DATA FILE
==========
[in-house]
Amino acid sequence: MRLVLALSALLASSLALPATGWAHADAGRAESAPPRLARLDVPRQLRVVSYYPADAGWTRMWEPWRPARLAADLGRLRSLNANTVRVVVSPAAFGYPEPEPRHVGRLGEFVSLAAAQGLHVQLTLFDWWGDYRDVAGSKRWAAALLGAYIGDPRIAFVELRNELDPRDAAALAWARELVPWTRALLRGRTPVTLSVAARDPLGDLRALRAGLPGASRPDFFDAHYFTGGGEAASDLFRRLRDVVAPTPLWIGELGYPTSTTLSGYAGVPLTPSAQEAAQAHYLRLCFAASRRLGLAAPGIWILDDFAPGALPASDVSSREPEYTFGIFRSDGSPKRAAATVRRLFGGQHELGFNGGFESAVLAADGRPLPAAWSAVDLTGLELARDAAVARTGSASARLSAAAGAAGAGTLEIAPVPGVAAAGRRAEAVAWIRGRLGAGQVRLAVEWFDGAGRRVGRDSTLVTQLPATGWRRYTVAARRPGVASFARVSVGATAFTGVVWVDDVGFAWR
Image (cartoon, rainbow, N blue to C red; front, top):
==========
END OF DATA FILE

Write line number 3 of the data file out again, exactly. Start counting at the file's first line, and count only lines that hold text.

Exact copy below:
Image (cartoon, rainbow, N blue to C red; front, top):